The French parliament has begun debating a bill which would stop pro-life advocates from spreading untruthful information about abortion online and intimidating women.
The planned bill would extend the scope of a 1993 law, which criminalises "false information" over abortions, to digital media.
The original intent of the law was to prevent pro-life activists from physically blocking access to abortion clinics. The new bill will extend such "interference" in abortions to pro-lifers falsifying information in cyberspace, in order to impede terminations.
The bill is tipped to win, though right-wing lawmakers argue it would compromise freedom of expression.
Freedom vs. manipulation
"Freedom of expression should not be confused with manipulating minds," Socialist family minister Laurence Rossignol proclaimed as the debate kicked off.
She said the 1993 law, which is punishable by up to two years in prison and a fine of 30,000 euros, needs to be adapted to "the digital reality".
"Thirty years ago militants chained themselves to abortion clinics," he said, "today their successors are continuing this fight on the web."
Under the proposed law, any website carrying material deemed to be “deliberately misleading, intimidating and/or exerting psychological or moral pressure” aimed at persuading a mother not to abort her child could face criminal charges.
Rossignol, told parliament that the government was not seeking to clamp down on anti-abortion opinion in general, but on sites that she said deliberately hid their true nature and tried to manipulate women with an “insidious” pressure.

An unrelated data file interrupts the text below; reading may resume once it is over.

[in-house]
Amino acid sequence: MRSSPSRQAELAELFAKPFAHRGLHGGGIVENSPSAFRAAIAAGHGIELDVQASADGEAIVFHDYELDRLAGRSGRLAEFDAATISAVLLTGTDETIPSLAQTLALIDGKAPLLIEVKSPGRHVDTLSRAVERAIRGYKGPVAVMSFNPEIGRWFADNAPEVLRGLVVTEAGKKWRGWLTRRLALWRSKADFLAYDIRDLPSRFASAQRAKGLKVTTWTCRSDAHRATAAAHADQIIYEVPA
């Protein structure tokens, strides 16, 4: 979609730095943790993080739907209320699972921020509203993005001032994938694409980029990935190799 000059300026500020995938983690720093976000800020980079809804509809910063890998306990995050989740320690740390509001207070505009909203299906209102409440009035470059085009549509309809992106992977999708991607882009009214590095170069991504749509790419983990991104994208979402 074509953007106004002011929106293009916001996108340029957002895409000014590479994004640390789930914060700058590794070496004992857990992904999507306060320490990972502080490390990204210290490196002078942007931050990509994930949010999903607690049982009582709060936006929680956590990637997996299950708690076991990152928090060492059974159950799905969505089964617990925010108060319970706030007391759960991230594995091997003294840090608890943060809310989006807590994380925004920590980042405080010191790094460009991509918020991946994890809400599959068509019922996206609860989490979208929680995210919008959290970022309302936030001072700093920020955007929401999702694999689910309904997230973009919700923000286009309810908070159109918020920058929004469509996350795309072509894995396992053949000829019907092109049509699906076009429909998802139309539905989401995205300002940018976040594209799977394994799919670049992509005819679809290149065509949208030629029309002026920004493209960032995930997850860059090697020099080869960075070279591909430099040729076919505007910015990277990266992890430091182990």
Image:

The debate comes several months before France elects a new leader in next April’s presidential elections. Conservative Republican party candidate and staunch Catholic Francois Fillon, says he is personally opposed to abortion, but will not try to overturn the law if it goes through.
Bruno Retailleau, who heads the Republicans party group in the Senate, says the bill "is totally against freedom of expression." Speaking on radio, he claimed the bill went against the "spirit" of the 1975 law legalizing abortion, which called for women to be informed of alternatives.
Health Minister, Marisol Touraine, meanwhile has denounced what she called a "cultural climate that tends to make women feel guilty" for seeking abortions.
The proposed law is aimed at "preventing these websites from disseminating disinformation," in order to dissuade women from seeking abortions she said.
"We have the right in France to be against abortion, and the right to say you're against abortion."
Under the 1975 French law, abortion is legal for the first 12 weeks of pregnancy, compared to 24 weeks in Britain.
In a previous landmark case in August 2014, a new law abolished the need for French women to prove they were “in a situation of distress” before an abortion. That and the stipulation that no questions were to be asked of them were part of a bid to increase gender equality in the country.